At the Martinez trial, the prosecution was permitted to introduce testimony of Highway Patrol vehicle-theft investigators concerning theft rings that transported stolen vehicles to Central America.  (People v. Martinez, supra, 10 Cal.App.4th at pp. 1004–1005, 12 Cal.Rptr.2d 838.)  “[T]he clear thrust of the evidence was to establish that defendant ‘fit’ a certain ‘profile.’ ”   (Id. at p. 1006, 12 Cal.Rptr.2d 838.)   The court held:  “[T]his type of evidence is inherently prejudicial.   While the similarities may be a proper consideration for law enforcement in investigating criminal activity, they are inappropriate for consideration on the issue of guilt or innocence for the very reason given in the drug courier profile cases:  the potential of including innocent people as well as the guilty.”  (Ibid.)  Martinez relied upon federal “drug courier profile” cases and California “other crimes evidence” cases in reaching its conclusion.

 Not all testimony concerning general patterns of criminal activity is “profile” testimony.  “Profile evidence is a ‘point by point examination of profile characteristics' that enable[s] the investigator to justify pursuing the matter.”  (U.S. v. Robinson (10th Cir.1992) 978 F.2d 1554, 1564.)   “[B]ecause of the limited usefulness of profiles, courts have declared testimony concerning the defendant's alignment with a particular profile incompetent as direct evidence of guilt.”  (Ibid.)

 By contrast, background testimony is not “profile” evidence and does not specifically address the guilt or innocence of the defendant.   Instead, it enables the jury to understand other evidence that does address guilt or innocence.  (U.S. v. Robinson, supra, 978 F.2d at p. 1564;  id. at p. 1569 (dis. opn. of Seth, C.J.) [“The analysis of whether the gang affiliation evidence in this case was improperly admitted requires determining (1) whether the evidence was ‘profile’ evidence, and (2) whether the profile was offered as substantive evidence of guilt”].)   Thus, in a prosecution for possession of cocaine for sale, the evidence might show recovery of only a small amount of the drug at defendant's house together with recovery of a large number of small plastic Baggies.   A police officer with appropriate expertise may be allowed to testify that cocaine is sold in small plastic Baggies in order to explain the meaning of the evidence itself.  (See U.S. v. Dunn (D.C.Cir.1988) 846 F.2d 761, 763.)

This distinction exists in California law as well.   In People v. Harvey (1991) 233 Cal.App.3d 1206, 285 Cal.Rptr. 158, upon which respondent relies, a police expert was permitted to testify in detail concerning the organization and methods employed by Colombian cocaine rings.   He then testified as to the meaning of evidence in the case against the backdrop of the organizational structure and methodology.  (Id. at pp. 1216–1217, 285 Cal.Rptr. 158.)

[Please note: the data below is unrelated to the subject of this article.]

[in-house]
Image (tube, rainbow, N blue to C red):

The court held that permitting this expert testimony was not error.   When “the subject matter [of the expert testimony] was sufficiently beyond the common expertise of the trier of fact to render expert testimony not only helpful but necessary for an understanding of the meaning and import of various actions” established by other evidence, it is within the trial court's discretion to permit such testimony.  (People v. Harvey, supra, 233 Cal.App.3d at p. 1228, 285 Cal.Rptr. 158.)

 In the present case, the testimony served only as background information that allowed the jury to understand the complex cast of characters and events that comprised this months-long conspiracy.   The court did not abuse its discretion in permitting the expert testimony.

Appellant additionally argues, in passing, that Pennal's testimony that Hispanics took over the methamphetamine business from “white motorcycle clubs” in the late 1980's invited the jury to convict appellant simply because he is Hispanic.   We glean no such invitation from this brief reference in Pennal's testimony.   Further, we note that the jury was unable to reach a verdict as to Lizzaraga, who also is Hispanic.

 III. Sufficiency of Evidence

 A. & B. ***

C. Evidence of a Single Conspiracy

As summarized at 1 Witkin & Epstein, California Criminal Law (2d ed. 1989) Elements of Crime, section 163, at page 181, “One agreement gives rise to only a single offense, despite any multiplicity of objects.”   Thus, section 182, subdivision (a) of the Penal Code provides, in part:  “If the felony is conspiracy to commit two or more felonies which have different punishments and the commission of those felonies constitute but one offense of conspiracy, the penalty [for the conspiracy] shall be that prescribed for the felony which has the greater maximum term.”

In In re Nichols (1927) 82 Cal.App. 73, 255 P. 244, the conspirators enticed a man into a rented room with defendant, accosted him, threatened him with suit for alienation of the defendant's affections, and hired an attorney to file the suit.   The conspirators were charged in two counts:  conspiracy to commit the crime of extortion and conspiracy to falsely maintain a lawsuit.   The defendant was convicted of both counts.   She was sentenced to prison on count two and placed on probation on count one.